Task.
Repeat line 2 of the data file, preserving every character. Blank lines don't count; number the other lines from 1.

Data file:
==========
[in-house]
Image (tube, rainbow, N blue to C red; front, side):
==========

Image (tube, rainbow, N blue to C red; front, side):